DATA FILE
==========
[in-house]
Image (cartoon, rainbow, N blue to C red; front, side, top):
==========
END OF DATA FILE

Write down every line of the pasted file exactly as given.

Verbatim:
[in-house]
Image (cartoon, rainbow, N blue to C red; front, side, top):